Evaluation of an operational high resolution HEPS to a southern Brazilian basin

Contributed by Vinicius Siqueira, member of the LSH Research Group Guest Columnist Team.

CPTEC is the Brazilian center for weather and Climate Studies (Centro de Previsão de Tempo e Estudos Climáticos). It has recently developed a high-resolution version of the Eta meteorological model (5 km), with five members combining different parameterization schemes and boundary conditions.

Currently, the ensemble forecasts are operationally issued at the Brazilian National Institute for Space Research (INPE) twice a day (00 UTC and 12 UTC), and are provided with temporal resolution and lead time of 1 hour and 72 hours, respectively.

In this context, the study presented here (Siqueira et al., 2016, in press) aimed to assess the quality of ensemble flood forecasts generated using this high resolution Eta model version at Taquari-Antas river basin, and its potential to provide additional information to a local Flood Alert System.

The basin is a steep basin located in a mountainous region in southern Brazil, and due to its geological characteristics and radial drainage pattern, streamflow is largely dominated by surface runoff with high peak flows and short duration times. Climate is sub-tropical and there is no seasonality, so floods can occur in any month of the year but mostly in austral winter and spring (June to October). Figure 1 shows the location of the Taquari-Antas basin.


Figure 1. Location of Taquari-Antas Basin and Encantado city (red dot) in Southern Brazil. Reaches marked in red are critical flood-prone areas.

The hydrological model MGB-IPH was coupled to the high-resolution meteorological EPS Eta model, as well as to the deterministic version of Eta regional model. On a single event evaluation, the peak discharge was reasonable well predicted by at least one ensemble member, in nearly all forecasts, with a good prediction of the flood timing for the considered lead times (Figures 2 and 3).


Figure 2. MGB-Eta Hydrological Ensemble Forecasts for a 1-2 year flood occurred in Encantado city (Taquari-Antas basin).


Figure 3. MGB-Eta Hydrological Ensemble Forecasts for a 40-year flood occurred in Encantado city (Taquari-Antas basin).

In a comparison with deterministic forecasts, the ensemble ones showed higher accuracy and higher probability of detection (POD) for the reference thresholds, preserving false alarm rates at reasonably low levels (Figure 4).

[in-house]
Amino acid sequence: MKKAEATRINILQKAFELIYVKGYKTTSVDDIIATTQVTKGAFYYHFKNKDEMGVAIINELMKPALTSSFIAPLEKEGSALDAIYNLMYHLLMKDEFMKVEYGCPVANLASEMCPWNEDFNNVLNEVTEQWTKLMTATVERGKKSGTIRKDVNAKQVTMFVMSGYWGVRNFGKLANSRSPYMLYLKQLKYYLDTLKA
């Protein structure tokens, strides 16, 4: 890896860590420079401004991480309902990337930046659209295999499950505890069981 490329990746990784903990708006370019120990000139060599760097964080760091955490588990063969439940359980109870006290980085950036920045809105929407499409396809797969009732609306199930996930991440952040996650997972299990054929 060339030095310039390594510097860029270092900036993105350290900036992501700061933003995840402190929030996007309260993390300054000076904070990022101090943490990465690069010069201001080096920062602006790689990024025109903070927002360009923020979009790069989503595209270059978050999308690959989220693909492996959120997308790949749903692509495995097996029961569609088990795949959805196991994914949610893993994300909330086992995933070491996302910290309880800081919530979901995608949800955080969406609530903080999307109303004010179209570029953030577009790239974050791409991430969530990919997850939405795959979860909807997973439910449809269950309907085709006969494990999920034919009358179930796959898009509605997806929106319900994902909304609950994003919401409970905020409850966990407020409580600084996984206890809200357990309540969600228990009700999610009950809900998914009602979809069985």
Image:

An overall tendency of underestimation was also identified, with most observations falling between the higher ranks of the ensemble. Furthermore, the combination of previous forecasts (t-12h) with the recent ones leads to a slight increase of ensemble spread and POD, despite the performance reduction in terms of accuracy and bias for the ensemble mean.


Figure 4. ROC curves of the forecasting systems. Symbols outlined in red, green and blue are related to watch, alert and flooding thresholds, respectively. The deterministic forecasts are shown by filled symbols, following the same coloring scheme for the reference thresholds.

Results suggest that there is a benefit in having hydrological ensemble forecasts obtained from the high resolution EPS Eta model, which is starting to be used as complementary information to a local Flood Alert System (Chagas et al. 2014), supporting pre-alert issues and Civil Defense internal planning actions.


  • CHAGAS, A.; CASTILHO, PEDROLLO, M.; GERMANO, A.; SOTERIO, P. The Warning Flood System in Taquari River Basin. In: 6th International Conference in Flood Management, Sao Paulo, Brazil. Proceedings… Sao Paulo: [s.n.] 2014.
  • CHOU, S. C.; BUSTAMANTE, J. F.; GOMES, J. L.  Evaluation of Eta Model seasonal precipitation forecasts over South America. Nonlinear Processes in Geophysics, v. 12, n. 4, p. 537–555, 2005.
  • SIQUEIRA, V. A.; COLLISCHONN, W. ; FAN, F. M.; CHOU, S. C. . Flood ensemble forecast from operational Eta model provisions in the basin of the Taquari-Antas / RS. Revista Brasileira de Recursos Hídricos, 2016 (in press).


Leave a Reply

Your email address will not be published. Required fields are marked *

This site uses Akismet to reduce spam. Learn how your comment data is processed.